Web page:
As I sit here in my workroom writing this, it would normally be the depths of winter outside; instead, the hazel is now flowering.
SMHI, the Swedish weather bureau, officially defines the start of spring as seven consecutive days with an average temperature > 0°C. This normally occurs here during the last third of March; this year it occurred back in January. Indeed, SMHI has just announced that much of southern Sweden did not actually have winter (based on their official definition), but was recorded as going straight from autumn to spring. Also, new Swedish records have been set for the highest daily average temperature in January, with the towns of Oskarshamn and Gladhammar averaging 10.6 °C and 10.1 °C, respectively, across the month.
This example may be extreme, but it has become increasingly obvious to the wine industry that the world’s modern climate is not going to allow grape-growing to continue in its current form in its current locations. The climatic requirements of the common grape varieties no longer match where they have traditionally been grown.
This means that we need to either: (i) change the varieties in the current regions, or (ii) move the regions further away from the equator or from sea level. A quick glance at a globe will show you that it is difficult to move the grape-growing regions of the southern hemisphere any further south. However, we could move the grape-growing regions of the northern hemisphere further north.
In the Americas, the current wine-growing regions of Canada are not actually any further north than the vineyards of Washington and Oregon in the USA. These are actually at the same latitude as northern France and the middle of Germany; so there is plenty of scope in Canada, as well as in Alaska.
In Europe itself, there are already plenty of vineyards in the Nordic countries (Denmark, Finland, Norway, Sweden), as I discussed in a previous blog post (Swedish wineries — who'd have thought it?). These are much further north than anywhere else on the planet; and there is also plenty of land even further north.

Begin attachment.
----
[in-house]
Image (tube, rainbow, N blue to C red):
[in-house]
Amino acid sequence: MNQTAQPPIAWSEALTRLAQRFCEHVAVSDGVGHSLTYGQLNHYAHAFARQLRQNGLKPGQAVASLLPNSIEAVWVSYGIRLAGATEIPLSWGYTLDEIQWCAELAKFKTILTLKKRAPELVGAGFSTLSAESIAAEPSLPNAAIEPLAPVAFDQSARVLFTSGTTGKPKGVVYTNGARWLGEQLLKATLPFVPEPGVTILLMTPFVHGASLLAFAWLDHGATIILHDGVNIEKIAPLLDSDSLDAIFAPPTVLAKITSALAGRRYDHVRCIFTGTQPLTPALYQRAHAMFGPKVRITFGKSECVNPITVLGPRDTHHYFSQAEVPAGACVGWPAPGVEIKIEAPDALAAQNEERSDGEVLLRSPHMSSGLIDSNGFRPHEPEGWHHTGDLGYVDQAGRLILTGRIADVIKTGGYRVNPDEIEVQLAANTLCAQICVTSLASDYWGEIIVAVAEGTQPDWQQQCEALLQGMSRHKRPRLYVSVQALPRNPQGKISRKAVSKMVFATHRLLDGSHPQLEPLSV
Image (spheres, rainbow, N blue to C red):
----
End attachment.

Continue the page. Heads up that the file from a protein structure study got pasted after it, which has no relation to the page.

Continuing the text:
This leads obviously to the question: just how far north do the Nordic vineyards currently extend?
The answer is shown in the next map, where the pointers mark the northerly vineyards of Norway, Sweden and Finland (left to right). Note that these are at the latitude of the northern-most British islands (in Europe) and southern Alaska (in North America).
The leftmost vineyard shown in Norway was recently discussed in a range of wine media, because it harvested its first decent crop last year — see Keller’s most northerly Riesling project, and Norway’s first riesling (the latter has a video of the harvest).
The Riesling vines were planted in 2008, in a former potato field overlooking the sea, so there has been no hurry to get any grapes. The fact that the vines are Riesling is notable, because in the north most vines are hardy varieties, like Solaris (white) and Rondo (red), rather than the classic European varieties. Apparently, a protective wall was built to help matters, along with the collaborative expertise of grape-growers from Alsace.
The more northerly Norwegian vineyard (west of Oslo) is far more typical of the Nordic situation. It is part of a farm, Egge Gård, that grows other fruits (eg. apples and strawberries), and mainly makes fruit-juice, ciders, spirits, etc. The first media report of note about the grapes is Norway’s first sparkling wine, from 2015, which seems to have been otherwise ignored.
Only one wine is mentioned in the report, a champagne-method sparkler made from Solaris grapes (in the report there is a video of the farm and wine-making). The vine-stocks (1,000) were planted in 2010, and the first harvest was in 2014. The grapes were pressed in the farm’s apple press. This produced 500 bottles of wine, called ONE, with 350 of them going to Poland! The vines were planted on the warmest part of the farm, on the south-facing slope of an old moraine ridge, where there is sun all day.